But while a rider’s goal is to stay atop a bucking bull for eight seconds, Reynolds, wearing clown white, baggy denim shorts, suspenders and knee-high red socks, earns his keep by getting 1,800-pound animals to charge him.
And after more than a dozen years entertaining the crowds at regional events like the Southeastern Championship Bull Riding competition being held this weekend at the Georgia Mountains Center in Gainesville, the veteran bullfighter still gets nervous.
"When I first walk out there, I get those butterflies," Reynolds said.
He and fellow bullfighter, Walt Phillips, are responsible for distracting and sometimes corralling the bulls after they throw their riders.
"It’s man versus beast. But once they crack that gate and the first one comes out, it’s just another day at the office," Reynolds said.
Reynolds, 37, of Central, S.C., tried his hand at bull riding for two years but had little success.
"I was more of a get-up-on-’er than a rider," he joked.
He found his niche in the demanding job of the bullfighter, who grabs, cajoles, taunts and dodges bulls to get them away from the riders and back safely into their pens.
It’s a job that earns respect.
"It’s the most important job in rodeo, really," said Jason Cahill, 25, one of the top riders in the Southern Extreme Bull Riding Association circuit. "People come out to see the bull riders. But without the bullfighters, the bull riders are going to be hard to come by."
Cahill said bullfighters like Reynolds are people "you trust your life with. It takes a different kind of man to be a bullfighter. It’s nerves of steel."
Reynolds "is not afraid to get hit for you," Cahill said. "He’s just tough."
While the Mountains Center crowd laughed as Reynolds ran in circles to attract the attention of one bull Friday night, it’s not all fun and games. There was the broken ankle in 2005. Last year, he feared he had broken his back. Each night brings its share of bumps and bruises.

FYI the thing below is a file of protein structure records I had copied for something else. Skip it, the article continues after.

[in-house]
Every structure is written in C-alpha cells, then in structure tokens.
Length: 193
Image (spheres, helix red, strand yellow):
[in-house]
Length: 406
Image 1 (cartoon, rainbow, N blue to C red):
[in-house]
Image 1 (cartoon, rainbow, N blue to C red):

Some bulls are worse than others. These days, he’s especially wary of one on the circuit they call Southern Gangster.
"He’s kinda snorty," Reynolds said. "He’ll get in your shorts if you’re not careful. These bulls are just like people. You never know when they’re gonna wake up in a bad mood. You just got to treat them all like they’re going to maul you."
Reynolds does the bullfighting gig about 35 weekends out of the year. During the week, he installs septic systems with a company out of Liberty, S.C.
"I do this for a living," he said of bullfighting. "I work for a hobby."
The slender six-footer say he doesn’t do anything to stay in shape between events.
"I’m a couch potato," Reynolds said, adding, "most Mondays I’m so sore I can’t do anything else."
Bullfighters are easy to come by, but good bullfighters are highly valued, said show organizer Bryan Hope, who doubles as one of the event’s clowns.
"Tons and tons of people want to be the bullfighter," Hope said. "It is a thrill to get out there and grab a bull by the head. It is a rush."
A healthy dose of fear helps, Reynolds said.
"The old saying is, you try to be quicker scared than they are mad."